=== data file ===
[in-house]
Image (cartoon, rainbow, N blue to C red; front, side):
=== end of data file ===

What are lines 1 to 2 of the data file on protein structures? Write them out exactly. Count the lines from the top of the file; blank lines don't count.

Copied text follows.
[in-house]
Image (cartoon, rainbow, N blue to C red; front, side):